Personal Lavash Flatbread Pizza

"I want you to market yourself to the class. Tell them your strengths and weaknesses, your work experience, and your preferences," instructed my Bistro 61 professor. 

Bistro 61 is the capstone course of my Food Service Management degree. It's basically a combination of every class my peers and I have fought through since we started culinary school. Sure, we can all make a menu under a budget, but can we manage a BOH (back of the house) and FOH (front of the house) crew? Umm...sure?

My soft spoken self will need to learn how to prance through the kitchen in heels on my management day (I'm designated sous chef on April 13th). By this, I mean that I will need to extend my backbone by a foot in order to touch my confidence to the roof. I've strapped on my stilettos, but standing tall in the soul of my shoes is an awfully difficult task.

"My name is Jessica. I'm in baking and pastry. I'm a barista. I can make latte art. I have no idea how to cook meat, but I can do anything with vegetables. I do not have front of the house experience, but I want to learn," I calmly stated. 

A false claim: "I can make latte art."

Starbucks doesn't exactly hand out badges of creativity. In my store, it's a crime to place a heart on a customer's vanilla latte order. I play around with cappuccinos when work is slow (hardly ever). 1/10 free-poured cappuccinos results in a beautiful leaf pattern. The remaining 9 look like blobs and swirls of what I like to call "abstract" art by a RISD (Rhode Island School of Design) student. It could be a sloth...or a bird with a broken wing. Oh I know! It's that character from Where the Wild Things Are! 

Today is my final day to get it right before I make my appearance on the beverage station for Menu 1's coffee service tomorrow. (Wish me luck, for I also get to battle the day with a mean cold). 

As far as the rest of my statement goes, I really don't know how to cook a piece of meat. As a culinary student, it's a little pathetic, but I'm a little more grateful than ashamed over it. Vegetables are my friends. I taught myself to sauté and roast them like a true home-cook. 

My favorite part about veg. cooking is this: simplicity. Cooking doesn't have to be complicated. You don't have to know the science of molecular gastronomy to make a pizza, you just dress some dough with your favorite toppings and let the oven do the work.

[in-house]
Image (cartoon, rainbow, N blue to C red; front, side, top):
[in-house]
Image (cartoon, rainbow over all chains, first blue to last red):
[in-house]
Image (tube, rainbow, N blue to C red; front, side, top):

While searching for pita bread in Whole Foods, I found lavash, an unleavened middle-eastern flatbread. When baked, lavash turns crisp like a cracker. I tossed my idea for pita pizza and picked up the lavash instead. To put this recipe into basic terms: it's a pizza on a cracker...and polly is pleased. 

Personal Flatbread Pizza

  • 1 square lavash 
  • 2 carrots
  • 1/2 yellow or red onion
  • 1 apple
  • 2 stems kale
  • 1/4 cup mushrooms
  • 2 cloves garlic
  • 1 tablespoon coconut oil
  • 1 teaspoon dried rosemary 
  • 1/2 teaspoon dried basil
  • black pepper to taste
  • salt to taste
  • 1/2 cup cabbage
  • 3/4 cup tomato sauce 
  • parmesan cheese (click here for my favorite vegan recipe)

  1. Preheat oven to 400 degrees. Lay the lavash down flat on a sheet pan. 
  2. Chop the carrots, onion, apple, kale, and mushrooms and sauté together with spices in coconut oil until veggies are fully cooked. Chop the cabbage as well, but leave out of the sauté. 
  3. Spread tomato sauce evenly over the lavash and top with sautéed vegetables. Sprinkle raw cabbage over the top. 
  4. Bake for 7-9 minutes until the lavash is crispy. Remove from oven and sprinkle parmesan cheese over the top of the pizza. Use a sharp knife or a pizza cutter to slice into squares or fold the crust over itself and enjoy like a pizza-taco!

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Maira Gall